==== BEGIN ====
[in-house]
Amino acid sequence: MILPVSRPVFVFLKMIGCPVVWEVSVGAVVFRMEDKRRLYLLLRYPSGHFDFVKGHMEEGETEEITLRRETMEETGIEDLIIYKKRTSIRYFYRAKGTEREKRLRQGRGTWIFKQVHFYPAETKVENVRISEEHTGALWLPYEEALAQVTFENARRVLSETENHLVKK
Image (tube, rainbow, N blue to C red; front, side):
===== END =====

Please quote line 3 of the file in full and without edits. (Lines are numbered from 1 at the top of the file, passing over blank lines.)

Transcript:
Image (tube, rainbow, N blue to C red; front, side):